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This argument has been made before
In an opinion column, Washington Post editor David Swerdlick argues that former president Barack Obama was often misunderstood by both the right and the left. Swerdlick notes that Obama's progressive critics were often turned off by his calm demeanor and gradualist approach to public policy and that those on the right unfairly attacked him as a "radical."
What both of them get wrong, the editor says, is that Obama was, at his core, a conservative:
Given the political climate, it's no surprise to see the party's base clamoring for something dramatic. But the contrast between Obama's steady approach and the seeming radicalism of his Democratic heirs can't just be chalked up to changing times. It's because the former president, going back at least to his 2004 Senate race, hasn't really occupied the left side of the ideological spectrum. He wasn't a Republican, obviously: He never professed a desire to starve the federal government, and he opposed the Iraq War, which the GOP overwhelmingly supported. But to the dismay of many on the left, and to the continuing disbelief of many on the right, Obama never dramatically departed from the approach of presidents who came before him.
There's a simple reason: Barack Obama is a conservative.
Swerdlick notes that, unlike contemporary Democrats, such as Elizabeth Warren, Bernie Sanders, and Julian Castro, the "former president was skeptical of sweeping change, bullish on markets, sanguine about the use of military force, high on individual responsibility and faithful to a set of old-school personal values."
How was Obama a conservative?
Swerdlick essentially says that although many of Obama's policies were not "right-of-center," the process through which he governed was conservative:
But his constant search for consensus, for ways to bring Blue America and Red America together, sometimes led him to policies that used Republican means to achieve more liberal ends. The underlying concept for his signature legislation, the Affordable Care Act, with its individual mandate, was devised by the right-wing Heritage Foundation and first implemented at the state level by Mitt Romney, then the Republican governor of Massachusetts. Obama wanted to protect Americans from the effects of a prolonged recession, so he agreed, in one of his defining votes as a senator, to a bailout of banks — and as president, he prioritized recovery over punishing bankers for their role in the financial crisis. In his first inaugural address, he affirmed the power of the free market "to generate wealth and expand freedom."
The Post editor also claims that Obama's personal qualities bolster his conservative bonafides:
He embraced respectability politics as a way to signal how conventional it was to have a first family of color: the many Norman Rockwell-worthy photo-ops, such as the 2009 portrait by Annie Leibovitz, a study in wholesome family living; their annual vacations on Martha's Vineyard, summer haven of the black elite; dialing back his storied "cool," as when he displayed his stiff dance moves during an appearance on "Ellen," laying claim to the mantle of the everyman dad.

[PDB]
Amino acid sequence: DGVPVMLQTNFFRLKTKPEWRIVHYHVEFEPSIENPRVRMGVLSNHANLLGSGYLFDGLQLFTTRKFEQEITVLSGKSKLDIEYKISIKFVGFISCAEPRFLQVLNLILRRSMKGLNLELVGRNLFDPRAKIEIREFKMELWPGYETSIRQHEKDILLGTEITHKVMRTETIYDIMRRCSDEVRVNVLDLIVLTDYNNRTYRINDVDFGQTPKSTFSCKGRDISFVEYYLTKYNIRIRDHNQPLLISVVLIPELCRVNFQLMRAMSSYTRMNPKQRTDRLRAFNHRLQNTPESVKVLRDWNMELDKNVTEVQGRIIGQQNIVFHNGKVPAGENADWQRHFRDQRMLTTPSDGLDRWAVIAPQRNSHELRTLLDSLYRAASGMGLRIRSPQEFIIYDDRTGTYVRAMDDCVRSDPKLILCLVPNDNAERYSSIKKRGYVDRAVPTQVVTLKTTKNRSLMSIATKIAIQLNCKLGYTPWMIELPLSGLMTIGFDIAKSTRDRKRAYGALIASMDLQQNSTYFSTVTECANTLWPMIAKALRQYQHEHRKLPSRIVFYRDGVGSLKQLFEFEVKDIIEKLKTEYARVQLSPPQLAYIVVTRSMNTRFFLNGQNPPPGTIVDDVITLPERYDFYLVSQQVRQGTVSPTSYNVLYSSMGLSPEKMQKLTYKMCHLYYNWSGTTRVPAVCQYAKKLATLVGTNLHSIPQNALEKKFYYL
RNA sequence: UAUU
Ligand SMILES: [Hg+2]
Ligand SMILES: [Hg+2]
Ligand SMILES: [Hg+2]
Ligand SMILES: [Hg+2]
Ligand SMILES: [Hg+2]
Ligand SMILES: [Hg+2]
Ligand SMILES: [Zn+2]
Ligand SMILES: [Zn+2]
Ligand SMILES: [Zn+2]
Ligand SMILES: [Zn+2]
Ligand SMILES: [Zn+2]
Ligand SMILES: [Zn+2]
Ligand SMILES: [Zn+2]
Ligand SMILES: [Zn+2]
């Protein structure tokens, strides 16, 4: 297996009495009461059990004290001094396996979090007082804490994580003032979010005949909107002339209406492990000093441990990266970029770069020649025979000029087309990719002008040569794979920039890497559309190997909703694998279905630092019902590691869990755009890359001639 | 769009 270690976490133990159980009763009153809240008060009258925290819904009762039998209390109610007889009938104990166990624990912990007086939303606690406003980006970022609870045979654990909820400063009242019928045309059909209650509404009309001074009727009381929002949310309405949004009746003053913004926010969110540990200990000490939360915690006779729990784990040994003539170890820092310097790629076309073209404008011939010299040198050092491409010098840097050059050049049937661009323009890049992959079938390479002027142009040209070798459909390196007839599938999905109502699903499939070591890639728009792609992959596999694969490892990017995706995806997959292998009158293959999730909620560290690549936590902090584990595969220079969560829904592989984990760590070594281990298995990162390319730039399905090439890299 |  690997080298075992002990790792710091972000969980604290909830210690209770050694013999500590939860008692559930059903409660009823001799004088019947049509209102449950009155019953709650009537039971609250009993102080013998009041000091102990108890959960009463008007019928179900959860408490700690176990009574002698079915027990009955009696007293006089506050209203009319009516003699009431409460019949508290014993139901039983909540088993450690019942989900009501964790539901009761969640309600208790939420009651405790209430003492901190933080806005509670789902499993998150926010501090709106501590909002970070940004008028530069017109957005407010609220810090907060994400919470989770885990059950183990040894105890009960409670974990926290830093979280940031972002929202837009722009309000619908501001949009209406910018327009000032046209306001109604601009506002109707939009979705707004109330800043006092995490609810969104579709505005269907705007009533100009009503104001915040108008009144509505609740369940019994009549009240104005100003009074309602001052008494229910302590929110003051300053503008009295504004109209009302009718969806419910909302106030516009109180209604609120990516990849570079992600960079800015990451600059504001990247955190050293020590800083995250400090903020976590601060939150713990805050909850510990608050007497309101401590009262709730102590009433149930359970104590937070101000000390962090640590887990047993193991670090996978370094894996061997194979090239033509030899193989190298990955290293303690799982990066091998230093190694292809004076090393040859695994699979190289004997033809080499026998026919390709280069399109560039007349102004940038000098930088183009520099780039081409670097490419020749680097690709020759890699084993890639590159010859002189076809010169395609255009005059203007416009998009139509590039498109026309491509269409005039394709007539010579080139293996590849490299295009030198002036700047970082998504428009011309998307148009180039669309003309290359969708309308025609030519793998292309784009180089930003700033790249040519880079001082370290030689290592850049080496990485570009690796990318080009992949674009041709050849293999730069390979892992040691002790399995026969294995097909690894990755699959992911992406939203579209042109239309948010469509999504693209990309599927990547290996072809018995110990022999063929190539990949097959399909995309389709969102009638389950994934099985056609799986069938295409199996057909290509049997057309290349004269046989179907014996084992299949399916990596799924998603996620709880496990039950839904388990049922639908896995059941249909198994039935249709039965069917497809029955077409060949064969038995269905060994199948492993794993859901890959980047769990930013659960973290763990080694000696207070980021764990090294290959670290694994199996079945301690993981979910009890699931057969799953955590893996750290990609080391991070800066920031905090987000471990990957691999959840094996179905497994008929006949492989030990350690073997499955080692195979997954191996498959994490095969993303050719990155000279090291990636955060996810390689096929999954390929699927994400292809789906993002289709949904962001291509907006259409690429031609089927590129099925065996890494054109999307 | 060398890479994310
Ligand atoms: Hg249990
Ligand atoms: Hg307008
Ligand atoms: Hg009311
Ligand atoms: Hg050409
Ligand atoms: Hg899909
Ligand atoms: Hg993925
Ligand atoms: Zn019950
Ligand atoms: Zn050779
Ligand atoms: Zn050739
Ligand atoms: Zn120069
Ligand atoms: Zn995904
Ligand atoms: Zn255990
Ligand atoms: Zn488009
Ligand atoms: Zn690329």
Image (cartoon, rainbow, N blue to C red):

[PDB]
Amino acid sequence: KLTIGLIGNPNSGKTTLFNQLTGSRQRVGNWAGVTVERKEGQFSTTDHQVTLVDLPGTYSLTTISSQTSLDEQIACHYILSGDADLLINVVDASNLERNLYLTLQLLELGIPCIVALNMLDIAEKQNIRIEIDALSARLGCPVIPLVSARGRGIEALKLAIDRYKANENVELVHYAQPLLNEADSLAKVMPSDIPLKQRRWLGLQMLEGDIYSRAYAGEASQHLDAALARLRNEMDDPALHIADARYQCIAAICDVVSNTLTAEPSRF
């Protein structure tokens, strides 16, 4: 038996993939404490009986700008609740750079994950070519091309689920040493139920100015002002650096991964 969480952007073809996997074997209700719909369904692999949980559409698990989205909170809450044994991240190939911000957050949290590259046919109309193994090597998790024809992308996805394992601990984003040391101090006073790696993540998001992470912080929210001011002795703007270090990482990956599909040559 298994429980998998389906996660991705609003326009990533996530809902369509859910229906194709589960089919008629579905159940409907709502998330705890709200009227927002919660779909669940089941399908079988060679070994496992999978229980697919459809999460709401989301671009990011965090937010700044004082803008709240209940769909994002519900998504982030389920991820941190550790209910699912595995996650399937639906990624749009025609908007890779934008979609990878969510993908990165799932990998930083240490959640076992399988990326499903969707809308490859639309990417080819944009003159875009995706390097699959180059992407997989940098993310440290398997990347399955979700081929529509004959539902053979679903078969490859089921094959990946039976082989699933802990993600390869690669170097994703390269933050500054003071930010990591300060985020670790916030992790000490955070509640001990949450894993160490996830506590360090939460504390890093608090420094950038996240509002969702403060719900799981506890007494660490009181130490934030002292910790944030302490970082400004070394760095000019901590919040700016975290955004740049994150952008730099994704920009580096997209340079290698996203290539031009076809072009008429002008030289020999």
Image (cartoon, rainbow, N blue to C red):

Albeit, as Swerdlick states, "Obama was a believer in big government" who used his presidency to advance liberal ends. Among them: naming liberal Supreme Court justices, imposing limits on carbon emissions, ordering anti-discrimination protections for LGBT employees, and not enforcing deportation laws—all of this mainly through executive fiat.
This argument has been made—and refuted—before
Variations of the "Obama is a conservative" argument were made in 2008 and early in his presidency. New York Times columnist David Brooks famously claimed in 2009 that "Obama sees himself as a Burkean" and compared him to Edmund Burke, the 18th century Anglo-Irish statesman considered by many as the progenitor of modern conservatism.
However, conservative thought leaders scoffed at Brooks' claims of Obama's conservatism, which are not dissimilar from Post's contention. Jonah Goldberg refuted that for "every sentence fragment the guy [Obama] has offered that could be construed as Burkean... I can think of whole speeches and books that are not."
Conservative intellectual Yuval Levin argued, "I cannot imagine how anyone observing the Obama administration could think the president a Burkean."
Adding, "No one said he has to be a Burkean. But those who say he is one are, I think, well off the mark."
This writer's perspective
As I've publicly noted before, when I was younger, I volunteered for President Obama's 2008 and 2012 campaigns. Since then, my political views have matured. Still, I think the former president has many respectable qualities, especially as a family man, that people on both sides of the aisle can agree are decent and good.
That said, our country has two noble political traditions—liberalism and conservatism—that have been with us since the founding and are different, in many respects, than their variations elsewhere. President Obama fits squarely within the former, which originated with Thomas Paine. He arguably possesses a lower-case 'c' conservative temperament (in other words, an equanimous demeanor) that many political conservatives find appealing, but his public policy record is that of an American liberal.
Yes, Obama is certainly less radical than many of today's leading Democrats, but this does not make him a conservative.
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